Fly the Flag! City of Kent Seeks Input on New Flag Designs
In June 2022, the city of Kent formed a flag committee to choose the new design for the city’s official flag. Of the 68 unique designs submitted by community members, the final choices have been narrowed down to three.
The city’s current flag was designed by a Holden Elementary student in 1975, but has hardly been seen since. The city thinks it’s now time for an update.
The city of Kent indicates the goal for the new flag is to be a timeless symbol of unity for the community. The committee has used the North American Vexillological Association’s guide on good flag design in its deliberation, eliminating symbols that could be divisive or those that specifically reference Kent State University or Theodore Roosevelt High School.
Members of the Kent community are encouraged to visit the display, read about each design and share their voices through a public survey. Physical surveys will also be provided at the library, which the public may return or mail. The deadline is June 16, 2023.
The final three designs will be on display from March 1-June 15, 2023, at the Kent Free Library, at 312 W. Main St.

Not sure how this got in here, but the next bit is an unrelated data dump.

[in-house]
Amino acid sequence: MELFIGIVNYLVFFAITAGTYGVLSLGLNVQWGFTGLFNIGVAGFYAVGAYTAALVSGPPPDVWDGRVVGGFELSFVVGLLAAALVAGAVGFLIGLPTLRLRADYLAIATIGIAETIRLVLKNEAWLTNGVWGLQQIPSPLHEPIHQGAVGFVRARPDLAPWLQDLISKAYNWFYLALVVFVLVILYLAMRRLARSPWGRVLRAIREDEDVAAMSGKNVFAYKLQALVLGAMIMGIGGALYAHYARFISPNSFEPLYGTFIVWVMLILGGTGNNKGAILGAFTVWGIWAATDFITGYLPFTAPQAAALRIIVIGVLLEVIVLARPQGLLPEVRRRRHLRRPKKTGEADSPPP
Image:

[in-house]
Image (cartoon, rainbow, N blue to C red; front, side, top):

Those who visit the display have an opportunity to rank the designs in order of most to least favorite and provide feedback which may help the committee in its final decision.
The new Kent city flag will be displayed at the Kent Heritage Festival, the new City Hall, throughout downtown and will hopefully be flown at Kent residents’ homes.
All three flags are burgee-shaped, which pays homage to the state of Ohio flag as well as recalling Kent’s original flag.
Green is a symbol of agricultural influence, prosperity, fertility, youthfulness and hope. It also serves to symbolize Kent’s status as the Tree City.
The black triangle is meant to represent a bird silhouette. It celebrates Kent’s chimney swifts and black squirrels as well as the city’s railroads.
The blue chevron represents the “crooked” Cuyahoga River. The two green chevrons recall the initial settlements of Carthage and Franklin Mills, two small villages that united to form Kent. The way the green comes to a point is meant to reference the shape of a mound and symbolizes the prehistoric mound builders that lived in this area.
To read the full description of each flag and vote on your favorite, please visit the city of Kent’s website.